The Purple Heart, United States Armed Forces
In 1945, at the end of the Second World War and at the beginning of what would become his storied business and philanthropic career, Henry received his first award from the United States Armed Forces. While only in his early 20’s and serving as Captain in the Army Field Artillery, Henry earned the Purple Heart and European Theater of Operations Ribbon with Battle Star after being wounded on the German front lines in the infamous Battle of the Bulge.Awarded in the name of the President on or after April 5, 1917, the Purple Heart is traditionally given to those wounded or killed while serving in the U.S. military.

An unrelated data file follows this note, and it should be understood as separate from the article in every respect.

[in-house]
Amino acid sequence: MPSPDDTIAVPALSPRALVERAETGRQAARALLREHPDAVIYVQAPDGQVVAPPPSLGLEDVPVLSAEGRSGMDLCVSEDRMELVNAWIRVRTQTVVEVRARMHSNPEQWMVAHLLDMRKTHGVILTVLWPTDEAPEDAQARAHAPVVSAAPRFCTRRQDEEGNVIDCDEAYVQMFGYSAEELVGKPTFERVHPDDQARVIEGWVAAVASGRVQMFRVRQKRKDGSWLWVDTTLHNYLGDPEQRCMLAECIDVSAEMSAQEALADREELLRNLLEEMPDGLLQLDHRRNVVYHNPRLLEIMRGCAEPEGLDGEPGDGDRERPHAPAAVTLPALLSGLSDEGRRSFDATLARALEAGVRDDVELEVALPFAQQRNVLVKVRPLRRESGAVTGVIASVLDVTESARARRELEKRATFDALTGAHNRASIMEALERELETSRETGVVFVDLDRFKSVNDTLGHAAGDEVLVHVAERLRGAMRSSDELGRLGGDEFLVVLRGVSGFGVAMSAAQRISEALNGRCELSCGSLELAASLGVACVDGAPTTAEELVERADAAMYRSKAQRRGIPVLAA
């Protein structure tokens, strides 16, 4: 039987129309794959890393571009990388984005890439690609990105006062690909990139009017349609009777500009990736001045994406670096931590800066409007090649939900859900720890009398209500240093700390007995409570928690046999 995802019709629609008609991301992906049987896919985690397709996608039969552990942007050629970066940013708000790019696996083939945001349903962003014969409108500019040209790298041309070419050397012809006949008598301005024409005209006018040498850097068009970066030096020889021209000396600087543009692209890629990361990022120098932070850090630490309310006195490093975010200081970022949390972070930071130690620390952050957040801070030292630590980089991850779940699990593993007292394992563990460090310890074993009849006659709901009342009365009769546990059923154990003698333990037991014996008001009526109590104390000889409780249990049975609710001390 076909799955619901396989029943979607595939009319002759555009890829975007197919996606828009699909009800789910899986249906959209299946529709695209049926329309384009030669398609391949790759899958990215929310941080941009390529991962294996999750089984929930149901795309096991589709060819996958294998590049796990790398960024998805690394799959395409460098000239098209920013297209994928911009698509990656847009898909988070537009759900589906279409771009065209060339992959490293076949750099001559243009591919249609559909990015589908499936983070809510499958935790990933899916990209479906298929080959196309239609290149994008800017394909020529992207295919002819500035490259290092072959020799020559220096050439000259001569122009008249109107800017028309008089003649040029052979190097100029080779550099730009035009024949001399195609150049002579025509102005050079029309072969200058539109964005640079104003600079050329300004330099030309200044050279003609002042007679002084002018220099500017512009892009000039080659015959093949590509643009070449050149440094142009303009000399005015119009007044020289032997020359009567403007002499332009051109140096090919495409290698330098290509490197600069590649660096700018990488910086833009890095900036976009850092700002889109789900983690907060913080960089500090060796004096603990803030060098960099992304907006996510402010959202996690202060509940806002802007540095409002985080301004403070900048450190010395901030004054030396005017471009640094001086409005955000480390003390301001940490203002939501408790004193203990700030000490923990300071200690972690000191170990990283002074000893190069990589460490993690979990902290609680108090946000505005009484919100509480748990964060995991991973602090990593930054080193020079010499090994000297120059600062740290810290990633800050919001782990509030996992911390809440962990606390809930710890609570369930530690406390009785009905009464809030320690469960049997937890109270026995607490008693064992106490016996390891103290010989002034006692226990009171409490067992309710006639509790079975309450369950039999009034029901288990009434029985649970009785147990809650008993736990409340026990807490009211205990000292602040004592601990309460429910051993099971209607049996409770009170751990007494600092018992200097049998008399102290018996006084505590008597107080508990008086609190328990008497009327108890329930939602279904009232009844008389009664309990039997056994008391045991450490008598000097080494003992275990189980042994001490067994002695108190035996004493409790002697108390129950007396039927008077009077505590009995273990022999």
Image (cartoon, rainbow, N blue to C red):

The award’s forerunner was the Badge of Military Merit, established on August 7, 1782 by George Washington, the then commander-in-chief of the Continental Army. The Badge of Military Merit happened to take the form of a heart made of purple cloth and was only awarded to three Revolutionary War soldiers in its entire history. From then on as its legend grew, so did its appearance. Although never abolished, the Badge of Military Merit was not proposed again officially until after World War I. The Purple Heart remains the oldest military award still given in the United States.